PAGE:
National Youth Day, a day where all South Africans commemorate the events of 16 June 1976. It is exactly 45 years ago that the world witnessed a massacre of youth during the Soweto uprisings in 1976 which was sparked by the socio-political landscape at the time. Fast forward to 45 years later, our youth are still fighting for socio-economic transformation.  The staggering 46.3% is the highest youth unemployment rate we have seen, youth being ages between 15-34 years.

This requires government, business, nonprofit organisations and society to work hand in hand to find workable solutions that would lead to increased economic opportunities. One of the best places to start is through education support programmes. Thebe has a number of age-appropriate programmes that support youth in varying stages.

Thebe’s Literacy and Numeracy Programme supports a total of 17, 054 learners, 16 schools and 294 teachers in the Nkangala and Gert Sibande Districts. It comprises both a language and literacy campaign, as well as a numeracy/mathematics initiative from Foundation Phase (Grades R to 3) to Intermediate Phase (Grades 4 to 7). This approach ensures that a continuum of support is offered to both learners and teachers alike throughout the primary school years.

In 2016, the Thebe Foundation established the Dr EJ Mabuza Scholarship Fund. The programme continues to support a total of 59 students, in the current year, through bursaries at various universities across the country.  To date, the Foundation has invested just over R16 million towards deserving students. The focus on education support cannot be over emphasized.

“To commemorate this day, we partnered with Ikageng, a community centre based in Soweto. Together with our partners, we are donating dignity packs for the Girl and Boy Child. Dignity packs include a pair of school shoes, sanitary pads and school socks. This is a humble contribution we are making today, our aim is to donate a total of at least 500 dignity packs to various organisation, building up to Mandela Day in July,” said Lehlohonolo Chabeli, CEO of Thebe Foundation Trust.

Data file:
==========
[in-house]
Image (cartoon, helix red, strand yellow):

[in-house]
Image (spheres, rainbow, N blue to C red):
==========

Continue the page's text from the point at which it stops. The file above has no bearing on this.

“Today’s activities commenced with a 2km walk to Hector Peterson memorial site for prayer. The centre management, its board of directors, beneficiaries and other community stakeholders participated in the walk. This is symbolic and its significance is in line with keeping the memory of the events of June 16 1976, alive amongst our youth of today” commented Caroline Dyanti, Ikageng Founder.

Youth also requires employment and or support with their businesses. Township economies are booming and there is a lot of potential that needs to be harnessed. The Thebe Foundation further supports youth through Enterprise and Supplier Development Programmes in partnership with University of Johannesburg.

 “We have supported over 300 of youth owned businesses since the inception of the programme some 5 years ago. The programme is becoming popular through our annual Thebe-UJ Business Summit where we play a role in creating market-access platform for the growing entrepreneurs,” added Mr Chabeli.

These various projects demonstrate a commitment by Thebe Foundation to continue to lend a helping hand to today’s youth as they navigate socio-economic challenges. Our role, in partnership with stakeholders, is to be a catalyst for change. This resonates with our mission of building communities, which in essence is Thebe’s bottom line.

We want to collaborate with government and business as well as society to build back better. We must make the changes today if we are to take care of our tomorrow. The next 45 years should not find us where we are as a country especially with regards to this high youth unemployment rate. Let us partner and work together to give HOPE to our future leaders.


Enquiries contact Zama Luthuli

Everest Strategic Communications

For more information, visit our website: